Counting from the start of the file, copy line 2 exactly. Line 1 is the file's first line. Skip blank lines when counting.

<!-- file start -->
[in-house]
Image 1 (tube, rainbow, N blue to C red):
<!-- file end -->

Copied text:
Image 1 (tube, rainbow, N blue to C red):